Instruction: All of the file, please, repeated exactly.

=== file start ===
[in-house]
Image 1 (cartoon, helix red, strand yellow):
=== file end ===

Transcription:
[in-house]
Image 1 (cartoon, helix red, strand yellow):